Asian Metal: So you think that Chinese suppliers are going to hold prices steady?
EFFIE: In my opinion, Chinese suppliers will absolutely hold prices steady. Baotou steel is currently increasing stockpiles and may adopt other policies in the future to keep price levels steady.
Asian Metal: What about price behavior for 2012?
EFFIE: We believe 2012 will see marginal price increases for neo-magnet material. In the beginning of the year, we expect a lot of buyers will return to the market to purchase material. Furthermore, we are hopeful that by this time the global economic situation will have stabilized.
Asian Metal: How do you plan to ensure a steady and reliable supply source for your specified neo-magnets?
EFFIE: Right now our number one concern is ensuring a stable supply of neo-magnets. We work closely with our suppliers to ensure a long term relationship and to guarantee a steady supply source.
MARK: We work on a contractual basis, and as Effie mentioned, we have a great relationship with our magnet suppliers. In addition, when there is an opportunity to buy on a cash position, we want to make sure that we are able to pay our suppliers quickly. Working capital is very important to our suppliers; with this year’s enormous increases in rare earth prices, they require a large reserve of working capital so that they can go out and procure material when necessary. Some of our suppliers do not have the working capital to procure enough material to meet our magnet demands. We want to be in a position so that when we contract, and when we execute a contract, we have the money to make sure our suppliers get paid immediately.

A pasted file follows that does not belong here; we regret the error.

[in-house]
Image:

Asian Metal: You mentioned earlier that your manufacturing facilities are located in China. How has this benefited your business?
MARK: Having our manufacturing facilities located in China has proven to be a strong advantage. Simply put, there are two rare earth markets: there is the Chinese internal market and then there is the Chinese export market. Right now China is working to protect its import market more than its export markets. In terms of sourcing, being located in China has definitely given us a material cost advantage.
Asian Metal: How would you respond to the closure/loss of one of your major neo-magnet suppliers?